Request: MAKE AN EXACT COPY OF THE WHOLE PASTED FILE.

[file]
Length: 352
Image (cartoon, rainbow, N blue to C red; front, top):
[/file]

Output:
Length: 352
Image (cartoon, rainbow, N blue to C red; front, top):